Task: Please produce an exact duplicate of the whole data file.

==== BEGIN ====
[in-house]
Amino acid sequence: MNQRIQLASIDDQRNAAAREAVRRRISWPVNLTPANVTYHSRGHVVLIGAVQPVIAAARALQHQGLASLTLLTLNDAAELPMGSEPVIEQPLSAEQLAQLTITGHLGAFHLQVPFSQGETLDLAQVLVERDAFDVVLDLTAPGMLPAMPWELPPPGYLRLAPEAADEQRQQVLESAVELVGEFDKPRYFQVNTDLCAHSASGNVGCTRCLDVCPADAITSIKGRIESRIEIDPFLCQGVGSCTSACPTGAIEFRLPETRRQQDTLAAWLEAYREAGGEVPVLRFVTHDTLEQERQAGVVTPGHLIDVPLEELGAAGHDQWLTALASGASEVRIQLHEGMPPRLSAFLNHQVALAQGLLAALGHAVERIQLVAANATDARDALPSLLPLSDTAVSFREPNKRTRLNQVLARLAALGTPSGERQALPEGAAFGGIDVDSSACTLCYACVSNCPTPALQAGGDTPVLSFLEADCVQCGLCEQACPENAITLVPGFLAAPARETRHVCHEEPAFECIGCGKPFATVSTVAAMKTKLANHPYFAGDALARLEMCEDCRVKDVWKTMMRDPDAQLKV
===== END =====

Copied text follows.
[in-house]
Amino acid sequence: MNQRIQLASIDDQRNAAAREAVRRRISWPVNLTPANVTYHSRGHVVLIGAVQPVIAAARALQHQGLASLTLLTLNDAAELPMGSEPVIEQPLSAEQLAQLTITGHLGAFHLQVPFSQGETLDLAQVLVERDAFDVVLDLTAPGMLPAMPWELPPPGYLRLAPEAADEQRQQVLESAVELVGEFDKPRYFQVNTDLCAHSASGNVGCTRCLDVCPADAITSIKGRIESRIEIDPFLCQGVGSCTSACPTGAIEFRLPETRRQQDTLAAWLEAYREAGGEVPVLRFVTHDTLEQERQAGVVTPGHLIDVPLEELGAAGHDQWLTALASGASEVRIQLHEGMPPRLSAFLNHQVALAQGLLAALGHAVERIQLVAANATDARDALPSLLPLSDTAVSFREPNKRTRLNQVLARLAALGTPSGERQALPEGAAFGGIDVDSSACTLCYACVSNCPTPALQAGGDTPVLSFLEADCVQCGLCEQACPENAITLVPGFLAAPARETRHVCHEEPAFECIGCGKPFATVSTVAAMKTKLANHPYFAGDALARLEMCEDCRVKDVWKTMMRDPDAQLKV